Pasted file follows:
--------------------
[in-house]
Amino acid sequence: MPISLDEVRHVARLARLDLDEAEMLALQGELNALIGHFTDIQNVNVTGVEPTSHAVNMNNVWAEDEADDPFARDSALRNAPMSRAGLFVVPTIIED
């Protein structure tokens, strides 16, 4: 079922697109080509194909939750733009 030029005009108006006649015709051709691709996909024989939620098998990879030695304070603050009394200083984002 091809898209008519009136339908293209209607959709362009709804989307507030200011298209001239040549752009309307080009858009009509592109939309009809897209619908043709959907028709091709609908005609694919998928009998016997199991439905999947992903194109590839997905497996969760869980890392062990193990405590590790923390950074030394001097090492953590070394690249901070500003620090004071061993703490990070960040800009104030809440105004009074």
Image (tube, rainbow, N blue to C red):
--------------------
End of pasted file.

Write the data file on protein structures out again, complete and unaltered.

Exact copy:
[in-house]
Amino acid sequence: MPISLDEVRHVARLARLDLDEAEMLALQGELNALIGHFTDIQNVNVTGVEPTSHAVNMNNVWAEDEADDPFARDSALRNAPMSRAGLFVVPTIIED
């Protein structure tokens, strides 16, 4: 079922697109080509194909939750733009 030029005009108006006649015709051709691709996909024989939620098998990879030695304070603050009394200083984002 091809898209008519009136339908293209209607959709362009709804989307507030200011298209001239040549752009309307080009858009009509592109939309009809897209619908043709959907028709091709609908005609694919998928009998016997199991439905999947992903194109590839997905497996969760869980890392062990193990405590590790923390950074030394001097090492953590070394690249901070500003620090004071061993703490990070960040800009104030809440105004009074």
Image (tube, rainbow, N blue to C red):